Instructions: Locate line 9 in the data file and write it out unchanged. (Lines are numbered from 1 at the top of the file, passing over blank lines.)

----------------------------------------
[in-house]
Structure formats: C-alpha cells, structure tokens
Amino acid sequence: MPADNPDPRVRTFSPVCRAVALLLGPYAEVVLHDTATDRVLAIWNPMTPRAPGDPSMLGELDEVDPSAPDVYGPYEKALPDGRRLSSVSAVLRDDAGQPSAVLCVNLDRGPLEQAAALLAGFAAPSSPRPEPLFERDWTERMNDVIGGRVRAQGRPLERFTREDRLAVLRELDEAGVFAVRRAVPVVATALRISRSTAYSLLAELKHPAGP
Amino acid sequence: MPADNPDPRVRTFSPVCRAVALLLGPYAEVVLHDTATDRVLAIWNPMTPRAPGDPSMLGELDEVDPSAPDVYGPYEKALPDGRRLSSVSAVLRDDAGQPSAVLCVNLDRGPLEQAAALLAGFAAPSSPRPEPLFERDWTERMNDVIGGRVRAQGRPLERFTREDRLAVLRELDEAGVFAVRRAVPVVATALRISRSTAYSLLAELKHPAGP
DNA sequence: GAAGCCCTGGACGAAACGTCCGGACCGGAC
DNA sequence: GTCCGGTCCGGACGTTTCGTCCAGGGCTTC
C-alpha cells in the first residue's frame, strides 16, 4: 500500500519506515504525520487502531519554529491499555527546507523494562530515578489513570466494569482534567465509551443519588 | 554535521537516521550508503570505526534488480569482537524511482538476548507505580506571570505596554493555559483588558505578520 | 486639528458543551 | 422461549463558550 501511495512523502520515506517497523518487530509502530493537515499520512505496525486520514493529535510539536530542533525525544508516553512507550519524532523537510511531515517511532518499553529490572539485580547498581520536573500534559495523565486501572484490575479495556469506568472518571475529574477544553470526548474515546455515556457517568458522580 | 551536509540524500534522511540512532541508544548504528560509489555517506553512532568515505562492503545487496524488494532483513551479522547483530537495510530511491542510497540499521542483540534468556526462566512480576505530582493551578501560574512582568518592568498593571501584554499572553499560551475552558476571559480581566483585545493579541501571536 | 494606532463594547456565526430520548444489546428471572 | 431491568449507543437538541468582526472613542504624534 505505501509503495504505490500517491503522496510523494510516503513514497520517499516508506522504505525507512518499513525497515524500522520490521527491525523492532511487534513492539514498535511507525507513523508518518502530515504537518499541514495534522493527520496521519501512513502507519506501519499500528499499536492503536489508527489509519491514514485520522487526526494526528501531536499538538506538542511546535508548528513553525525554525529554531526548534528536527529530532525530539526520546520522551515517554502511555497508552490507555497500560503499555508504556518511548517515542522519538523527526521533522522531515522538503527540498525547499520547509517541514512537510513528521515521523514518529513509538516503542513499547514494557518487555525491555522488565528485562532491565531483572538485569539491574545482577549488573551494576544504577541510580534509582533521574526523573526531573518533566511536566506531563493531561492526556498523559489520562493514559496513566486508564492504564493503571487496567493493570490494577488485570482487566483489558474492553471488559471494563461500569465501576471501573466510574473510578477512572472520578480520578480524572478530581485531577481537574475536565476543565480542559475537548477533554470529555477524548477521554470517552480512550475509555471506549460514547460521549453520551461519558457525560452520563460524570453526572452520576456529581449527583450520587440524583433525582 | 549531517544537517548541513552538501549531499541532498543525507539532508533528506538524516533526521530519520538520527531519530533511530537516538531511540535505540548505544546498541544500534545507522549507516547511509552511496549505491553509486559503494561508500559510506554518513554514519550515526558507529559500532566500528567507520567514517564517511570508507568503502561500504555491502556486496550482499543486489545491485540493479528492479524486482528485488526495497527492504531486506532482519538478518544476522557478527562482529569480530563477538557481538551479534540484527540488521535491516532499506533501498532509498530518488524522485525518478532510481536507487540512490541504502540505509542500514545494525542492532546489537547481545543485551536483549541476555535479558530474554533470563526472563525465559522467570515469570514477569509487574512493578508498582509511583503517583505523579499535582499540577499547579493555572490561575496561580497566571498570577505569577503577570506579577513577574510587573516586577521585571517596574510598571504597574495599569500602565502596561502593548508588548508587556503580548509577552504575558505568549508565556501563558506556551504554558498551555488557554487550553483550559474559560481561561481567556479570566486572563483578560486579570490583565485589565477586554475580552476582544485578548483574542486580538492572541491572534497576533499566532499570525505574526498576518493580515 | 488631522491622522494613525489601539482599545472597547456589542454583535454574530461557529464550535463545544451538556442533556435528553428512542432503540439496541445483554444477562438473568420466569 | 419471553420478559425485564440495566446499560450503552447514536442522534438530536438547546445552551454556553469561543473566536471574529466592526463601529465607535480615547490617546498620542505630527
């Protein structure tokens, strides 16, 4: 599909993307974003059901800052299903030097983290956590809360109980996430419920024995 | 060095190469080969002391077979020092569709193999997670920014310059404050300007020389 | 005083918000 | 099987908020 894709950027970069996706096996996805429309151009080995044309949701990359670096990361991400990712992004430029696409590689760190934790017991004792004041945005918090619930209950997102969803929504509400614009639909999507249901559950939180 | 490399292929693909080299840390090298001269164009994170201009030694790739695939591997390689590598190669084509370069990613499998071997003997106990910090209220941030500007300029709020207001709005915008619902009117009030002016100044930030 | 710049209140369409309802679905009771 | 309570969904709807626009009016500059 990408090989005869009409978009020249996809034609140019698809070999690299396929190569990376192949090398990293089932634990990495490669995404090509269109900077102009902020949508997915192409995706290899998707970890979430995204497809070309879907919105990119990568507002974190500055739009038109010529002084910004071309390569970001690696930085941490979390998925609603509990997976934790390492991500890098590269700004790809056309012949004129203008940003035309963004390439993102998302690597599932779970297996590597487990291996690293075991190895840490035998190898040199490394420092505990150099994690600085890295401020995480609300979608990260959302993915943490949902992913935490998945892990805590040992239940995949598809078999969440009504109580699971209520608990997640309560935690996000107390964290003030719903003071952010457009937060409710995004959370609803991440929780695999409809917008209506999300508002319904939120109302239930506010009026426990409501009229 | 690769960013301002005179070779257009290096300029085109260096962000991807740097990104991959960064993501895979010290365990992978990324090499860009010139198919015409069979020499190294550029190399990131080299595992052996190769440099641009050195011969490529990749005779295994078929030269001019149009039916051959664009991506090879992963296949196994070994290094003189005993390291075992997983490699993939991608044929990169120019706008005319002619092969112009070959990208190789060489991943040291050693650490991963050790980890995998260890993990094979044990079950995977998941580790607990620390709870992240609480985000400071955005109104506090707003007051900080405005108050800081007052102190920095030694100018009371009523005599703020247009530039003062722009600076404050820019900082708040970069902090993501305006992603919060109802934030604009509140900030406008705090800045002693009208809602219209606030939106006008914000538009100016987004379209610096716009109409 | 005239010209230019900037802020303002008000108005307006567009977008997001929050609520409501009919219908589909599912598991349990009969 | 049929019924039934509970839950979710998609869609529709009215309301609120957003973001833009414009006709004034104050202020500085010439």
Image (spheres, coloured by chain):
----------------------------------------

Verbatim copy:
Image (spheres, coloured by chain):